It is *possible* that those memories are “Kree-ified” versions of Carol Danvers’s Air Force/WAF memories. For instance an altercation about her gender which was “translated” as an altercation about alien skin tones.

But it seems more likely that those memories are based on the memories of Kree war hero Captain Mar-Vell. Vell was pink-skinned and did run into issues of blue privilege and racism.

There’s too little material to hazard a solid guess. But it would be odd if the Psyche-Magnitron had just made everything up.

Multiple Personalities New Order

At first, Ms. Marvel and Carol Danvers are two distinct persons.

  • The Kree persona (“Ms. Marvel”) and the Carol persona are unaware of each other.
  • Carol cannot remember what Ms. Marvel did. She only knows that she blacks out, and that something happens whilst she’s unconscious.
  • While Ms. Marvel can to a degree access Carol’s memories (for instance to speak English) she does not understand where this knowledge comes from.

When she returns to Cape Canaveral, the Ms. Marvel half gains the knowledge that she is also Carol Danvers. She starts thinking of herself as “Carol”.

This awareness is initially one-way. But Carol slowly accesses her Ms. Marvel side. Ms. Marvel thus becomes framed as the stronger, better and more decisive side of Ms. Danvers. She is protective of her weaker, more mundane Carol form and persona.

Meanwhile, Carol feels that she cannot compete with her other self, whom she resents for being so strong. She feels outclassed by Ms. Marvel, as if she had to compete against a superhuman opponent.

Ms. Marvel comics (Carol Danvers) involuntarily transforming

Toward fusion

By Ms. Marvel vol. 1 #07, Carol becomes able to witness Ms. Marvel and her actions. It is as if she were a ghost floating behind Ms. Marvel.

This experience makes her less afraid of her “other self”.

Then Ms. Marvel gets captured, tortured and interrogated. Oddly enough, seeing Ms. Marvel in pain and nearly defeated makes Carol more confident, and able to deal with her Ms. Marvel side on a more equal footing.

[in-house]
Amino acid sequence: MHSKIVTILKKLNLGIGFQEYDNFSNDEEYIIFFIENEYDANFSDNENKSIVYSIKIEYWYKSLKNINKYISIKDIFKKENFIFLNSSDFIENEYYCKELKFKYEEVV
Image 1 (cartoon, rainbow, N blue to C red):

In hindsight, it is possible that this incident helped Carol deal with traumatic memories from Lubyanka.

From then on, Carol can :

  • Remember what happens when she’s Ms. Marvel.
  • Change into Ms. Marvel of her own will.
  • Try to force Ms. Marvel to become Carol.
  • Resist when Ms. Marvel attempts to force the transformation.

However, the latter two usually fail.

At this point Carol and Ms. Marvel’s relationship is a bit like that of two sisters. They can more or less communicate and work together.

They also know each other and trust each other, though Ms. Marvel is occasionally surprised by how rash and aggressive Carol is becoming.

The sense that they aren’t actually two different persons also grows stronger.


Once Ms. Marvel and Carol Danvers fully merge with Hecate’s help, they become one person with the best qualities of both.

Carol Danvers is now an assertive, determined, brash fighter. But early on, said brashness causes more problems than it solves. She gets into unnecessary fights by punching first and asking questions later.

Even after she moderates her fires, Ms. Marvel is a woman of action. She’s certainly not dumb, but she prefers to *do* things rather sit and ponder mysteries.

She’s bad at standing still or staying in place, and enjoys attention.

She also now has to balance managing Woman as the EIC, while also responding to crisis as a good super-heroine should. It’s a classic secret identity situation, but unlike Clark Kent she can’t feign milquetoastness, if… if that’s a word.

This means that the merged Ms. Marvel/Carol has regained the oomph, determination, élan, etc. she had before Lubyanka. Plus Kree skills, and a bit of Kree attitude.

Writeups.org writer avatar Sébastien Andrivet

By Sébastien Andrivet.

Source of Character: Marvel Universe.

Helper(s): Chris Cottingham, Darci, Frank Murdock.